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Shuhei Nishida

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Title: Shuhei Nishida  
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Shuhei Nishida

Shūhei Nishida
Personal information
Native name 西田 修平
Nationality Japan
Born (1910-05-21)May 21, 1910
Nachikatsuura, Wakayama, Japan
Died April 13, 1997(1997-04-13) (aged 86).
Tokyo, Japan
Alma mater Waseda University
Height 1.76 m (5 ft 9 in)
Weight 61 kg (134 lb)
Sport Athletics
Event(s) Pole vault

Shuhei Nishida (西田 修平 Nishida Shūhei, May 21, 1910 – April 13, 1997) was a Japanese Olympic athlete who competed mainly in the pole vault.[1]

Nishida was born in what is now part of Nachikatsuura, Wakayama Prefecture, Japan. He was a student of the Engineering Department at Waseda University, when selected as a member of the Japanese Olympic team for the 1932 Summer Olympics in Los Angeles, where he won the silver medal in the pole vault event.[1]

Shuhei Nishida (left), Sueo Oe and Kiyoshi Adachi are adjusting a pole at the 1936 Olympics
A Nishida-Oe silver-bronze medal

After graduation from Waseda University, he obtained a job at Hitachi. He subsequently participated in the 1936 Summer Olympics held in Berlin, Germany where he repeated his performance winning a second silver medal in the same event tying with his friend and teammate Sueo Oe. When the two declined to compete against each other to decide a winner, Nishida was arbitrarily awarded the silver and Oe the bronze. The competition was featured in a scene in the documentary Olympia, filmed by Leni Riefenstahl. On their return to Japan, Nishida and Oe famously had their Olympic medals cut in half, and had a jeweler splice together two new “friendship medals”, half in bronze and half in silver.[1]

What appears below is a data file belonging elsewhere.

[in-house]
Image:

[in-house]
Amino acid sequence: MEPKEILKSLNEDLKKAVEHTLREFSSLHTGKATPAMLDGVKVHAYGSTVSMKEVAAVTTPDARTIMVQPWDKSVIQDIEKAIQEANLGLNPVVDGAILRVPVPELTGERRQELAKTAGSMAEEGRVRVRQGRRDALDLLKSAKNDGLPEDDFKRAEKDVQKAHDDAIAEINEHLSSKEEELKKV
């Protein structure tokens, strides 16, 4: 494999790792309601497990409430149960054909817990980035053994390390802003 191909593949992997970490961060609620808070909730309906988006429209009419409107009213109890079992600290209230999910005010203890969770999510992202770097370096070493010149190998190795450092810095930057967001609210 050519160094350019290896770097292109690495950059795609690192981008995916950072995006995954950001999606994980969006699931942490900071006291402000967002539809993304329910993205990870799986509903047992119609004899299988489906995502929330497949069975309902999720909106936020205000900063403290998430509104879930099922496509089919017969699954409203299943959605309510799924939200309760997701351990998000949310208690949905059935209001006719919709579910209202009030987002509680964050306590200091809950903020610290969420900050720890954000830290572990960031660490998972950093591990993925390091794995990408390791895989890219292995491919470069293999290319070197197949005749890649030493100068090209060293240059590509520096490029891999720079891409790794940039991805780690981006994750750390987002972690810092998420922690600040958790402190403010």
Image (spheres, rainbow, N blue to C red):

At the age of 41, Nishida won a bronze medal at the 1951 Asian Games. He remained active in sports all of his life, serving as a referee at events, and from 1959 as an honorary vice chairman of the Japan Association of Athletics Federations, and as a member of the Japanese Olympic Committee. In 1989, he was awarded the silver medal of the Olympic Order. Nishida died of heart failure in 1997 at the age of 87.[1]


  1. ^ a b c d Shuhei Nishida.

Further reading

  • Cousineau Phil. The Olympic Odyssey: Rekindling the True Spirit of the Great Games. Quest Books (2003) ISBN 0835608336
  • Mandell, Richard. The Nazi Olympics. University of Illinois Press (1987), ISBN 0252013255
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